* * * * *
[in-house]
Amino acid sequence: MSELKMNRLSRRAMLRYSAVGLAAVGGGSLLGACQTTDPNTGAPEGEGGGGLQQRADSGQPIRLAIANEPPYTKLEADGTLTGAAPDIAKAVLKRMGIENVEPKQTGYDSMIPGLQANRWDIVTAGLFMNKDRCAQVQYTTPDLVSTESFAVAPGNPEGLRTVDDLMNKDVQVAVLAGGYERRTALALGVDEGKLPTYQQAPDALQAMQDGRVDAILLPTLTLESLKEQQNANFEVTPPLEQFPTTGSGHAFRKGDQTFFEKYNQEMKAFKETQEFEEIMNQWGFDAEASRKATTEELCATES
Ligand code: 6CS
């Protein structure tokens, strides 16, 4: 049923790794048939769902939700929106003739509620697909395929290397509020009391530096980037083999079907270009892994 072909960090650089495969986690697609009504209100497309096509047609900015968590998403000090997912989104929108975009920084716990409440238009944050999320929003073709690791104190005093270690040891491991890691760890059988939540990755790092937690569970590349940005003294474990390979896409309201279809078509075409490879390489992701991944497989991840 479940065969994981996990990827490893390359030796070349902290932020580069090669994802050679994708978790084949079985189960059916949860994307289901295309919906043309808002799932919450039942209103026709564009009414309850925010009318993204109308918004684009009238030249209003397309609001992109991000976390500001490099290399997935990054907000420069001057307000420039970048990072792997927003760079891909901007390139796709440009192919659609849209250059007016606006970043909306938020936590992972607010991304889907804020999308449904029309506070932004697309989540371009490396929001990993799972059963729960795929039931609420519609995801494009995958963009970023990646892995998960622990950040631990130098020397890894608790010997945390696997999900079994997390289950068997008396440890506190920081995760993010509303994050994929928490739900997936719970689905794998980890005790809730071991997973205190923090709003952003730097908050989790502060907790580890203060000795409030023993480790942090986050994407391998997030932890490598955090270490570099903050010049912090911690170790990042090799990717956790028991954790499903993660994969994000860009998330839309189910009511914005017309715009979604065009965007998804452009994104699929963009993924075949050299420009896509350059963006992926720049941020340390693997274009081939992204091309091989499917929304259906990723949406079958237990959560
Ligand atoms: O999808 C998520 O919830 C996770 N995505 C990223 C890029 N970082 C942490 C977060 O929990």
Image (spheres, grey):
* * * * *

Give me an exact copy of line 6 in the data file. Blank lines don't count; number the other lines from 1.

Image (spheres, grey):